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It's Fun to Play the Piano ... Please Pass It On!
Hi, hbs! This is one of two pieces from "Iberia" that I worked on to some degree in the past (the other one was "El Polo"). It was fascinating to listen once again to all those exquisite harmonizations as the piece progresses, and I fully appreciate the work it takes to assimilate them into a coherent rendition. If I had to make one general comment regarding this performance, though, it is that you have the dog under too tight a leash, so to speak -- it sort of cries out for more abandon, more freedom of flow. And I fully understand that this is in the interests of getting the notes right, or most of them, but right now it still sounds like a definite "work in progress" rather than a finished product. But IMO the necessary elements to provide an organic sense of style are there -- and you DO have it memorized -- a major achievement in its own right -- and so I think that it is possible.
Several years back, pianist Daniel del Pino played a solo recital that included another selection from Iberia, and I was able to have a short post-concert discussion with him regarding Albeniz. I was surprised that HE volunteered the observation that Albeniz's piano writing had taken such a quantum leap in complexity from his previous efforts that he must have had some help in writing this utter "magnum opus" -- surprised, because I, too, had always thought the same thing, and had never come across any satisfactory explanation. Personally -- and I think the same was true of Granados -- the marked increase in complexity and color stemmed from Albeniz's interest in writing the quintessential Spanish Opera, and the musical perspective required to make that happen. He never was able to stage anything, but I do believe his study of operatic writing in a general sense was responsible for the immense Iberia contribution to solo piano. I'd be interested in hearing your thoughts on this.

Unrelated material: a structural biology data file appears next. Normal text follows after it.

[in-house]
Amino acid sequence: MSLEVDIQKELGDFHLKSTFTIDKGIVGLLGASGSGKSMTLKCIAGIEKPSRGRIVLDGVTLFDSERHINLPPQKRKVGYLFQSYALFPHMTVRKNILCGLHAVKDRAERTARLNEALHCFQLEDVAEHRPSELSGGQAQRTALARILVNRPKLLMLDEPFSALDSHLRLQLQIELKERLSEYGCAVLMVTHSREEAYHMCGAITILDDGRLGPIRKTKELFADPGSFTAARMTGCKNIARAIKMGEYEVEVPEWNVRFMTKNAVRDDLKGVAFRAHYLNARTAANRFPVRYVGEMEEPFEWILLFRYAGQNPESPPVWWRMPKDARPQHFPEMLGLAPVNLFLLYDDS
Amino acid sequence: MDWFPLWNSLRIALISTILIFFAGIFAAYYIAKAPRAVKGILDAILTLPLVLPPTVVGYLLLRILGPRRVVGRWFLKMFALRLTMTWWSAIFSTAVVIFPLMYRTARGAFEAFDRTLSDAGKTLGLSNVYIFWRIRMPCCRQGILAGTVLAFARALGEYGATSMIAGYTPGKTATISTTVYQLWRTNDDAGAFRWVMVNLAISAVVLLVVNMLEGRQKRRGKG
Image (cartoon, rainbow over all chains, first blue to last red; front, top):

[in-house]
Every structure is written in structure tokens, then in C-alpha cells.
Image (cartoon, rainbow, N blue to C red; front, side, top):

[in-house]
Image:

Thanks, Tim, for your compliments! As far as my keeping the piece on a leash, believe me, I wish I could play it with more abandon, (and sometimes I do when nobody is listening), problem is that then I tend to tense up and the tough passages tend to "choke up", so to speak, and I need to be careful not to re-injure my elbows). My teacher also wants me to work on my voicing because it was too muddled with too many notes so I needed to be more mindful of which notes are the important ones to bring out and which ones are just background. I've done at least one or maybe two prior recordings of this piece in my You Tube channel, can't remember off the top of my head if they are public or unlisted, at least one of them should be public, so maybe you could see a difference. I'm afraid I don't know much about operatic stuff so I can't really comment on those, rather, I tend to think of Albeniz as the "Spanish Rachmaninoff" with a lot of Debussy mixed in for good measure. I did watch a documentary (in Spanish) in which they really talk a lot about his operatic efforts, I wish it had English subtitles. I recall reading somewhere (maybe in these boards?) that Albeniz wrote the piano score making it so difficult so to [censored] off the pianist (Blanche Selva) and I think on the documentary they mention that he also wanted to make sure that no woman could perform it, and ironically, there are lots of women that have successfully played it (Alicia, Rosa Sabater, etc). Anyway, thanks for your compliments and feedback. I'm also reviewing El Albaicin (I posted this a year or two ago), and hope to review others I've done in the past and learn new ones. That will keep me very busy for a looooong time!